A regular parasite control program is critical to your horse’s
health. Infestations of internal parasites can cause your
horse to feel ill all of the time, become colicky, and can
even cause death. Parasites can cause damage to a horse's
internal organs. Signs of parasite infestation include overall
poor condition, dry and dull coat, diarrhea, bloating, and
an itchy tail. Deworming your horse regularly is necessary
because he can be continually re-infected from parasite eggs
in pastures or from bot flies. A haphazard deworming program
is hard on your horse’s system; Getting rid of internal parasites
and keeping them away is the best procedure for your horse’s
In some cases where a horse is confined, as with stallions,
or he is very young, old or not thriving, a modified worming
program may be advisable. Consult your veterinarian to determine
whether an individualized program is recommended.
Parasite Life Cycle
Most internal parasites are ingested as larvae, where they
migrate to your horse’s digestive system and live in the intestines.
There, they mature and lay eggs which are passed out in manure.
The eggs hatch into larvae and spread into the environment.
Your horse, or another horse, ingests the larvae, and the
Deworming your horse with a paste dewormer purges the adults
already in his system before they lay eggs. It breaks the
cycle by stopping any more eggs from being passed. The problem
lies with the fact that if he shares a grazing area with other
horses or if manure is allowed to lie in his pasture, he can
be immediately reinfected; The smaller the area, the bigger
the potential problem. Horses normally will not graze near
manure, but if the grazing area is not large enough to sustain
the number of horses, or your pastures are not properly rotated,
the desire for grass may over ride his natural tendencies.
Deworming with a paste dewormer requires all of the horses
that share grazing space to be treated at the same time, thereby
killing all of the adult parasites before eggs are laid. It
is also good practice to remove manure from any grazing area.
If you choose a paste dewormer, it is important to give your
horse the proper dose. Be certain to read the dosage information
on the packaging and to adjust dose according to each horse’s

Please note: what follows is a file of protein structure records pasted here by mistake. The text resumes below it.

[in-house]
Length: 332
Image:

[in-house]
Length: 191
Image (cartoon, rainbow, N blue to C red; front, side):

age and weight. Rotate between wormers that have different
types of chemical bases. This will not only kill a broader
spectrum of parasites, it helps prevent parasite immunity
to one chemical.
A sample rotation schedule might be:
1. Spring (March) An Ivermectin based product controls
large strongyles, small strongyles, pinworms, ascarids, hairworms,
large-mouth stomach worms, bots, lungworms, and intestinal
2. Late Spring (May) A fenbendazole-based product
(Safe Guard) controls large strongyles, encysted early- and
late-third-stage and fourth-stage cyathostome larvae, small
strongyles, pinworms, and ascarids.
3. Summer (July) A pyrantel pamoate based product
(Strongid) control large strongyles, small strongyles, pinworms,
ascarids, and tapeworms when double-dosed.
4. Fall (September) A moxidectin based product (Quest)
controls large strongyles, small strongyles, pinworms, ascarids,
encysted cyanthostomes, hairworms, large-mouth stomach worms,
5. Late Fall (November) An oxibendazole based product
(Anthelcide) large strongyles small strongyles, large roundworms,
and pinworms, including various larval stages and threadworms
Another option is to use a daily dewormer. It is recommended
to first use a larvacidal dewormer such as ivermectin or moxidectin
before beginning a daily treatment plan. This will help destroy
existing larvae and adult parasites. Pyrantel Tartrate is
the chemical ingredient in daily wormers. It controls large
strongyles, small strongyles, pinworms, ascarids, and tapeworms.
If you choose a daily wormer, your horse should also receive
ivermectin or moxidectin in early Spring and late Fall to
control bots AND praziquantel in early Spring to control tapeworms.
Timing is Critical
For daily programs, be certain that your horse gets his daily
dose every day, as missed doses will decrease the levels of
dewormer in his system, rendering it less effective.
For purge programs, timing is essential. If you treat too
early, targeted worms will be too immature to be affected
by the dewormer. If you treat too late, adult worms will have
the opportunity to produce eggs, infesting your horse's environment
and raising his (and other horses) risk of exposure.
How to Stay on Schedule
· Post a calendar in your barn. Clearly mark the day for
· Purchase the entire year’s worth of dewormer at one time.
Write the horse’s name and the date to be given with an indelible
pen on the tube.
· Put the wormer out where it can be seen the day before
you will administer it.
· Keep wormer out of the reach of children and pets.
Following a regular deworming schedule is critical to keeping
your horse healthy.
About the Author
Ron Petracek was raised in southern Idaho with horses and
the great outdoors. With this continued passion He now shares
through a a vast equine network. Learn more by clicking the
Amazing Equine Network System